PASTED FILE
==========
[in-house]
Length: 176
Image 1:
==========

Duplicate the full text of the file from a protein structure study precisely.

[in-house]
Length: 176
Image 1: